Over the last several years Nordic private equity funds, including venture capital funds, have accelerated their search for investors beyond the Nordic markets. At the same time, Nordic LPs are increasing their investments in funds outside the Nordic countries. These two trends have significant impacts on Nordic market conditions and the legal issues which arise in a more international environment.
For background purposes it is worthwhile to note that the share of GDP in Sweden that is invested in VC and buy-out funds was 0.38 per cent and 0.31 per cent in Finland in 2003. The UK allocation in the period exceeded 0.8 per cent. Only these three countries exceed the 0.29 percent European average amount of GDP invested in VC and buy-out funds. The total amount raised by private equity and VC funds in 2003 in Europe was 27 billion Euros of which 55 per cent was raised in the UK and 8 per cent in Sweden.
The introduction of more attractive fiscal rules for Swedish AB's used as holding companies, has had the effect that ABs have started to replace KBs, a Swedish form of limited partnership as vehicles for funds. The trend for Swedish GPs is however to raise funds abroad rather than in Sweden where often less than 50 per cent of investors' capital has originated. For this and other reasons, private equity funds initiated by Swedes and intended for investing in Swedish companies are increasingly domiciling in Guernsey or Jersey, whilst the management company is set up in Sweden.
Historically this has also been driven by adverse tax implications for foreign investment into Nordic structures. This enables international investors (including the US which remains the single largest pool of international private equity investment) to participate in more familiar structures. The Luxemburg SICAR has recently become an alternative to a Channel Island Fund. So far (by 1 March 2005) five SICARs have been registered and another 15 are in the pipeline to be registered. A Delaware partnership is sometimes used as one of the vehicles in an international fund structure as some US investors prefer to use such a partnership, but it does bring with it other US issues.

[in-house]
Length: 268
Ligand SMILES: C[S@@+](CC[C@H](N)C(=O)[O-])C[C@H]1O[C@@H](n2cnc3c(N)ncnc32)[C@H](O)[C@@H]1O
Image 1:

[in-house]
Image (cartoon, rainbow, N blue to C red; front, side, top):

Some pension funds in the Nordic countries are increasing the allocation of their funds that can be invested in private equity. This trend has been led by the Danish ATP Private Equity Partners which can invest up to ten per cent of its total funds--i.e. four billion Euros over several years in private equity funds. The Swedish AP funds can invest up to five per cent of their assets in private equity which means that, for instance, the Third AP Fund can invest in excess of 900 million Euros in private equity. There are five AP Funds that can invest similar amounts. Only one of the funds, the Sixth AP Fund, cannot make investments outside Sweden.
The trends for GPs managed by Swedes to raise funds abroad and for large Swedish funds to invest abroad are clear. A third trend that needs to be observed is the transparency issue which is an issue that does not seem to create any major problems for Nordic GPs, probably because they are used to an open environment with respect to communications.
Other issues are of interest as well. Swedish insurance companies will increasingly, due to forthcoming legislation, be allowed to invest in private equity. It is interesting to follow the debate in Norway about possibly allowing the huge Petroleum Fund to invest in private equity.
The trend concerning Nordic GPs is clear. They have become more international in their search for funds and in doing so have tended to raise larger funds. Segulah III is a good example of how successfully a Swedish fund can raise funds in Sweden and abroad.